It’s no secret that air pollution has increased since the Industrial Age began more than a century ago. But did you know that indoor air pollutants can cause at least as many health risks as outdoor air pollution? Indoor air pollutants such as chemicals, mold spores, and carbon monoxide can cause myriad health problems, and some can be fatal. The good news is that there are ways to detect indoor air pollutants. There are also effective methods of preventing these pollutants from contaminating indoor air, as well as ways to get rid of air toxins once they’ve been introduced into your home.

How to test your home for indoor pollutants

There are several means of testing for indoor pollutants. Which is the proper testing method to use typically depends on the contaminating substance. Carbon monoxide, radon, mold, and VOCs (volatile organic compounds) each has its own proper method of testing.

Carbon monoxide

Often called the ‘silent killer,’ carbon monoxide is odorless, tasteless, and invisible. It is an extremely dangerous contaminant that must be aired out of a home immediately if detected. Carbon monoxide test kits are available for purchase for minimal cost. Carbon monoxide detecting alarms also can be purchased at hardware or home improvement stores. These sound an alarm if carbon monoxide is detected in a home reaching a dangerous level. It’s a good idea for every homeowner to purchase, at a minimum, one carbon monoxide detector. Even better, purchase one for each level of your home.


Radon also is impossible to detect without a radon testing kit or a professional who tests homes for radon and other dangerous substances. Radon test kits can be found online or at various hardware and home improvements stores. The test involves placing the detector in the home for as little as one or two days or up to 3 months. It’s important to note that home testing kits only detect radon on a short-term basis. Because radon levels can vary depending on the time of year, or even from day to day, hiring a professional to detect radon may be a better idea.


Mold testing kits also can be purchased online or in hardware or home improvement stores. Many of these kits are capable not only of detecting mold, but also in identifying molds. However, rather than testing for mold yourself, it’s often a better solution to hire a professional. The Environmental Protection Agency (EPA) recommends sending samples of mold to professional mold testing companies for accuracy.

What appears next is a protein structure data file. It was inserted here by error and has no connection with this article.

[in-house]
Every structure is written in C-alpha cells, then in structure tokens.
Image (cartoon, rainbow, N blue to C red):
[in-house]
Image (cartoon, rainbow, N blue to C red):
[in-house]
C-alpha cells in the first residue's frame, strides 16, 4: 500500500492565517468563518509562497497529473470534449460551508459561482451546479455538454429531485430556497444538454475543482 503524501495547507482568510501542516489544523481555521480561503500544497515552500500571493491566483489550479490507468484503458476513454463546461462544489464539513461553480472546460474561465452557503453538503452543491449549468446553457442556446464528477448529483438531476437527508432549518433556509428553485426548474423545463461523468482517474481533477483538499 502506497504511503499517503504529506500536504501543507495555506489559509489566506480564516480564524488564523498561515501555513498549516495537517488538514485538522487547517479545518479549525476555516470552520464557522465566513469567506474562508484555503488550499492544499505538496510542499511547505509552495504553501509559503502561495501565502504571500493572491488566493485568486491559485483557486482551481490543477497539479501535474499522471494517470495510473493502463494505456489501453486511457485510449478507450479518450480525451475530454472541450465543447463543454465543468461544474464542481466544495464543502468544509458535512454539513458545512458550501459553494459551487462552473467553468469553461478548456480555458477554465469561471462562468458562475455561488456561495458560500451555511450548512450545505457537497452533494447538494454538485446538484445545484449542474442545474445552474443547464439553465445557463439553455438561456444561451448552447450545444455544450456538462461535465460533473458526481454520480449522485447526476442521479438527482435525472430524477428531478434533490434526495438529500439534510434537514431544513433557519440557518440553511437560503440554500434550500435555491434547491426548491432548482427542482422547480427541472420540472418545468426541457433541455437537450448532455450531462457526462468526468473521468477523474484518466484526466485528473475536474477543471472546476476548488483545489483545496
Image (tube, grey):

Volatile organic compounds are chemicals and organic compounds that evaporate easily, causing buildup of dangerous substances in the air. The list of VOCs is long, including most cleaning products, pesticides, and even many paints and varnishes. There are a number of inexpensive USB sensors that can be plugged into the computer in order to detect levels of VOCs within a given area. These sensors display a graph on a computer monitor with a light that indicates if air quality is good, fair, or poor.

How to improve your home’s air quality

There are a number of steps you can take to improve the quality of your home’s indoor air quality.

Air filters

There are many different types of air filters available on the market today, ranging in size, price, and ability to remove pollutants. Air filters can help eliminate pollutants by working to purify air.

HEPA vacuums

A vacuum with a HEPA filter is a better idea than just a regular vacuum because it not only cleans the floors, but helps to clean the air as well.

Organic cleaning products

Whenever possible, you should use natural cleaning products rather than those that contain dangerous chemicals, especially if you have small children and/or pets.

Air quality systems

Home air quality systems are capable of filtering out airborne pollutants, eliminating these contaminants and purifying indoor air. Whole home air quality systems typically are easy to clean and require little maintenance. The benefits of a home air quality system are many, as they keep toxins from being released into the air, building up, and causing serious effects such as headaches, dizziness, memory loss, abdominal cramping, and even death.

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